OTHER NAME: Prairie Dog Owl
STATUS IN OKLAHOMA:|
Formerly abundant summer resident in grasslands of central and western Oklahoma; largely exterminated prior to 1930. Presently a rare and local summer resident, chiefly in Panhandle and western counties; casual visitant in late March (February 20) - October (November 2) winter records.
"Oklahoma Bird Life" by: Frederick M. & A. Marguerite Baumgartner
The Burrowing Owl is a small owl with long bare legs, a small white facial dicks, no ear tufts, and are about eight (8) inches long. The adult owl is a dusty brown color and different white markings on the belly, also a prominent white stripe across the chin.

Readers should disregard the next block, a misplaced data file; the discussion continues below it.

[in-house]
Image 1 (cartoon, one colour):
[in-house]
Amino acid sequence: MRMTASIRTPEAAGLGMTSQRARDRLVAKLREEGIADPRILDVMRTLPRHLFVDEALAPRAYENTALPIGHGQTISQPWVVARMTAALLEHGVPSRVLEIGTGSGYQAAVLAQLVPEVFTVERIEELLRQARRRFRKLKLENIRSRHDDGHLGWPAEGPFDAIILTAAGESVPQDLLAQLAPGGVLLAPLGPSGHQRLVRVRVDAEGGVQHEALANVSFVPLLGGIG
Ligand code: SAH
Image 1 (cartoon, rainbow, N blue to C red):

The Burrowing Owl lives in dry, short - grass prairies and are compared with burrowing mammals such as the prairie dog, ground squirrels and badger.
The most common prey for the Burrowing Owl is insects, small rodents, lizards, and birds. The Burrowing Owl changes its diet as the seasons change and or the habitat permits.
The Burrowing Owl will nest underground in abandoned burrows which were dug by other burrowing mammals. The owl will, if the soil is soft enough, dig its own burrow and will also occupy man made nesting boxes that are placed underground. The average young this species of owl lays is three (3) to six (6), but the owl can have up to eleven (11) young.
The Burrowing Owl, which is rarely seen in Minnesota, is an endangered species. In other countries the number of Burrowing Owl is declining which is a cause of lost prairie habitats.